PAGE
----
The Planet Arcturus railway line
In the dry season it is still possible to trace parts of the old Planet Arcturus narrow gauge railway track, especially the bridge across the upper stretch of the Mapfeni River, but also as it travels close to the narrow tar road after the Gardiner Road intersection, down into the Enterprise valley.
Harold Christian, the creator of Ewanrigg, made the first proposal for a light railway into the Enterprise farming district. Robin Taylor suggests that WWI introduced more urgent issues and it was only in September 1918 that permission was granted for the construction of a light railway and on 12th September 1919 the first steam locomotive reached Arcturus.
By 1924 the gold at the Planet, Slate and Arcturus Mines appeared to have petered out, although subsequently mining has continued to this day, but by 1925 the track was taken up in 1925.
From Harare take the Arcturus Road. Distances are from the Arcturus Road / Harare Drive junction. At 2.0 KM pass Chikurubi prison, 5.43 pass Donnybrook Drive on the right, 6.0 KM pass the cement factory on the left, 9.0 KM pass "Lion" Stevens gravesite (now gone) 11.44 KM reach turnoff for Tafara presently untarred. Turn right and after 350 metres reach the first tributary of the Mapfeni River, after another 250 metres reach the second tributary of the Mapfeni River. The concrete abutments of the old Planet Arcturus railway bridge over the Mapfeni River should be visible about 150 metres downstream. Park off the road and the embankments leading to and from the bridge should become visible.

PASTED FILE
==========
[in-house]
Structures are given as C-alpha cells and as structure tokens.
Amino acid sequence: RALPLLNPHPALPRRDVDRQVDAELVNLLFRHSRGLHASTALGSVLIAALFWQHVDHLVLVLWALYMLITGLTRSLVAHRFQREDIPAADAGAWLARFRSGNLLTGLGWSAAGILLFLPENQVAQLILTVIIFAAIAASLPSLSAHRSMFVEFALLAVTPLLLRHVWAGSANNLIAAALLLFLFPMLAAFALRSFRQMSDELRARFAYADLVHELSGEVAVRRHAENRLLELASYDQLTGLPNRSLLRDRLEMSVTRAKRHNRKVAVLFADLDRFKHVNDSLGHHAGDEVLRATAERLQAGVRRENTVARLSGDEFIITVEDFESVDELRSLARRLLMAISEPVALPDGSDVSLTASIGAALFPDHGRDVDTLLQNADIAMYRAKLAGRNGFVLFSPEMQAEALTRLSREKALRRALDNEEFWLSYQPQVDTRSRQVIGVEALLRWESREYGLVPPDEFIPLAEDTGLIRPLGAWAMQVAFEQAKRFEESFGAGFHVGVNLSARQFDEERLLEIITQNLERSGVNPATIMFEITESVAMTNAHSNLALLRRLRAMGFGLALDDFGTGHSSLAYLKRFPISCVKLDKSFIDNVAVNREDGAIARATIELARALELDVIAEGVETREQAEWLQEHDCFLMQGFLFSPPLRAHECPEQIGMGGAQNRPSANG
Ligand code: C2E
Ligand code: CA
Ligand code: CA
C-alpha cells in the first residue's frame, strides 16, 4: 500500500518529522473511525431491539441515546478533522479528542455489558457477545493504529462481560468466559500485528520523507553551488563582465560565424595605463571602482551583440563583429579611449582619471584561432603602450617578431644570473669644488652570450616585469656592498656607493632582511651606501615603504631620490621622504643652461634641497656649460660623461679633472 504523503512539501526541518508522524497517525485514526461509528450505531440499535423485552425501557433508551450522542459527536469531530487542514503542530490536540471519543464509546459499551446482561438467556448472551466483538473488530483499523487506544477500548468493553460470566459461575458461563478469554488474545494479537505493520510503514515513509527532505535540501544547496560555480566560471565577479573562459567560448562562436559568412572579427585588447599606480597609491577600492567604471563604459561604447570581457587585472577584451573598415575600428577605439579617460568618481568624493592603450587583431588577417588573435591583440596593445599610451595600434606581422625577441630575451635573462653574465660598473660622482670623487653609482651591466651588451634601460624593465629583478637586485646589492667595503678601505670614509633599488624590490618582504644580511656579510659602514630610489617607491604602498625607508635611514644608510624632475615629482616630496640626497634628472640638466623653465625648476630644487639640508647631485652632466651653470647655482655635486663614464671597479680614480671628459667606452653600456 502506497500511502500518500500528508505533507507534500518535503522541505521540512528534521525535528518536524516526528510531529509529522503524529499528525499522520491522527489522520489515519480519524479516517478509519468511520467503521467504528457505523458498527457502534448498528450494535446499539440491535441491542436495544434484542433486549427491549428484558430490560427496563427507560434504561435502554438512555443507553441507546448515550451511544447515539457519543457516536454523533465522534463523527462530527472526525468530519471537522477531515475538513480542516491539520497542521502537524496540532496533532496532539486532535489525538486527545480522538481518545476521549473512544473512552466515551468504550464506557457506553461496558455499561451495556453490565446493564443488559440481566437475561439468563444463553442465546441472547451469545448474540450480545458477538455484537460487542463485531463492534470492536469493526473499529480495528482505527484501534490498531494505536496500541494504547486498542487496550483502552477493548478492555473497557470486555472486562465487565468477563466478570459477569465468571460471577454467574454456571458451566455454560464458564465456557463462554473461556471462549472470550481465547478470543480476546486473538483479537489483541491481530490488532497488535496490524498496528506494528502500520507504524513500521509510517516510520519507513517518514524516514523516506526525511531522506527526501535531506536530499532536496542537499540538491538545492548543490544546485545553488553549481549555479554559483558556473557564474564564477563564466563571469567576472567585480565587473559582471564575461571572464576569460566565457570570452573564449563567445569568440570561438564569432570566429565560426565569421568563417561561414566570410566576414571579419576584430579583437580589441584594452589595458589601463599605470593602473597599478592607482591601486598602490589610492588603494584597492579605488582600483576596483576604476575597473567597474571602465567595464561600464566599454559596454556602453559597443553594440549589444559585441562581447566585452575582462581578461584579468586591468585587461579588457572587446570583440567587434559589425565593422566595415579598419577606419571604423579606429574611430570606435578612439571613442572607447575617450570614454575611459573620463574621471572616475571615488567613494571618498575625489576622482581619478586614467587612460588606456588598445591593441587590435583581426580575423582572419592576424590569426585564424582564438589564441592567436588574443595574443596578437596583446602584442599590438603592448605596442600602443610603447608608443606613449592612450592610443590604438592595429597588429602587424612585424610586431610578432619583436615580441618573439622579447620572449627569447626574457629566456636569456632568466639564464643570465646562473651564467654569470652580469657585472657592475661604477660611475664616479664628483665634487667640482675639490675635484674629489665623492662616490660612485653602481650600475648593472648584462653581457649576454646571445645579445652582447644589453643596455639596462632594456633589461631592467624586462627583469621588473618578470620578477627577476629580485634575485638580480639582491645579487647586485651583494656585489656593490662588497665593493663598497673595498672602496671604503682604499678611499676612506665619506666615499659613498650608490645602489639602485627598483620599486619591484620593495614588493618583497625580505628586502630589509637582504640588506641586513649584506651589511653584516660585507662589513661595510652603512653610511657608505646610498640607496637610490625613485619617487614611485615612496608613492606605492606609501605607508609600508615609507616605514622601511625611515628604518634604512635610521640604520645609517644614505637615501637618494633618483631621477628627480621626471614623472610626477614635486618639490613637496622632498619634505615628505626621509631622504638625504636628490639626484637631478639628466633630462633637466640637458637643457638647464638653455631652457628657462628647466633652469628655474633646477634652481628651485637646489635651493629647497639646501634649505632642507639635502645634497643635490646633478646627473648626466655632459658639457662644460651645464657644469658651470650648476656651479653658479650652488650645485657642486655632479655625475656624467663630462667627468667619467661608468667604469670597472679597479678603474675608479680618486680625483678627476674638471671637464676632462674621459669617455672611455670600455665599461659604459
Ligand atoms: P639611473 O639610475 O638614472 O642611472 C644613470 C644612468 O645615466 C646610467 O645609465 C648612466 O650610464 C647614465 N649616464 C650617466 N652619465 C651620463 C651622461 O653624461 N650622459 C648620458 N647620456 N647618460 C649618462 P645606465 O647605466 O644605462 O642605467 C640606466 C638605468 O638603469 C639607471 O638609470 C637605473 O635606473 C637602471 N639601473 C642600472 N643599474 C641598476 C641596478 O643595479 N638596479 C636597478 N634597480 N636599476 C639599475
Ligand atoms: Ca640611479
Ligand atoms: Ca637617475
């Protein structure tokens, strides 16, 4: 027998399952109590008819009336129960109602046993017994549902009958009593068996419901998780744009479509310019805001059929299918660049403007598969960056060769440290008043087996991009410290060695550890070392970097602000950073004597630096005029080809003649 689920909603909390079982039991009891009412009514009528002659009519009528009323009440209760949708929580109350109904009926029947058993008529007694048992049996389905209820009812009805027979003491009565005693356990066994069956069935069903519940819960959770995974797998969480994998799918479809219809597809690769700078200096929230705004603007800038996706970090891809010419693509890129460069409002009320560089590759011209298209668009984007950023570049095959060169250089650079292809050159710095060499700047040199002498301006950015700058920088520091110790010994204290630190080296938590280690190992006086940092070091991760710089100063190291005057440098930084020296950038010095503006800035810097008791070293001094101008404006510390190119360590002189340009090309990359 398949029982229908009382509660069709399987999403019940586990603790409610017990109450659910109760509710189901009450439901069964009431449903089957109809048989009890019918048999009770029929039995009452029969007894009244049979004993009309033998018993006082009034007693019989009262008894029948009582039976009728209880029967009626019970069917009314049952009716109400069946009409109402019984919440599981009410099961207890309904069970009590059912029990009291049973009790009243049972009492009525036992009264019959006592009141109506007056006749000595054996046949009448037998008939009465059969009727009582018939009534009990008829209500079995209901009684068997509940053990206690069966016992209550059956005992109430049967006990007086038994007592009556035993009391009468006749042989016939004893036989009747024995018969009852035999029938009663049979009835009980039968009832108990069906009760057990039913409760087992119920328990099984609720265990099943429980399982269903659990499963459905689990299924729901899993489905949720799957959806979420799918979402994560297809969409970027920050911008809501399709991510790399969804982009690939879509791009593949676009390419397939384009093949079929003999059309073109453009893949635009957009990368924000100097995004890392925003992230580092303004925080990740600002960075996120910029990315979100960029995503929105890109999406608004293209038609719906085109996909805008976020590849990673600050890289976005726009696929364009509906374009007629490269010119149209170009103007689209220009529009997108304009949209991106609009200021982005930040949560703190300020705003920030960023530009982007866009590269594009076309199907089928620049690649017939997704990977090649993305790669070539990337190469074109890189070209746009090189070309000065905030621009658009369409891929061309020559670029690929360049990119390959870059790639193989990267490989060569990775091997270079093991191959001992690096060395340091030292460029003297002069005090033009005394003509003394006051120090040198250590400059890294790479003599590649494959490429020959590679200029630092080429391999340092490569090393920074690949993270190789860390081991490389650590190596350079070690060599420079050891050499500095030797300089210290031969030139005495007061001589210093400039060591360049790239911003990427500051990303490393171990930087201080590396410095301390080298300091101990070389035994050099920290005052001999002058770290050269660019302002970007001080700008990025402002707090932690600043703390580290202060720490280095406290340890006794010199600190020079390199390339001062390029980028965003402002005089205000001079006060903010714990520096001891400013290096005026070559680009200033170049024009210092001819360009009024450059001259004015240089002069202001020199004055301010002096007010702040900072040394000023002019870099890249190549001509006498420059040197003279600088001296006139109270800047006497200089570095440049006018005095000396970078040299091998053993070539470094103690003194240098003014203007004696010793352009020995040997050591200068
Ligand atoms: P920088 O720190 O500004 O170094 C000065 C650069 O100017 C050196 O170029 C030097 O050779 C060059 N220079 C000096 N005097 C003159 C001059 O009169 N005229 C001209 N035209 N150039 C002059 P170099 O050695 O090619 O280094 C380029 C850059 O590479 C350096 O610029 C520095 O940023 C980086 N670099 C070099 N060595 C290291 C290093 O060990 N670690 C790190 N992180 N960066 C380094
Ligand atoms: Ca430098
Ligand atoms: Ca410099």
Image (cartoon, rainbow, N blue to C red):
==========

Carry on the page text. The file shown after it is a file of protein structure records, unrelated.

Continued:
Going towards Arcturus the railway line keeps to the side of the hill avoiding all the small tributaries of the Mapfeni River and keeping to the watershed as much as possible and mostly on the right side of the present narrow tar road, but at times deviating away from the road and following the contours. At the final bend into Arcturus the railway line crosses the road through the vlei to the left of the road before swinging right and terminating in the open ground in front of Arcturus Post Office.
GPS reference for the Planet Arcturus railway terminus: 17⁰47′06.12″S 31⁰19′22.98″E
GPS reference for the former railway bridge on the Tarisa Road: 17⁰52′39.66″S 31⁰14′36.10″E
GPS reference for the railway bridge over the Mapfeni River: 17⁰49′32.70″S 31⁰14′25.08″E
The most comprehensive descriptions of this 2 foot (61 cm) light railway is to be found in Robin Taylor’s article in Heritage of Zimbabwe No. 17 of 1998 Pages 74-80 and in Rev. E.D. Hamer book Locomotives of Zimbabwe and Botswana. Thanks to Robin Taylor who guided me on several visits to the area and who carried out the research and provided the majority of the background material for this article.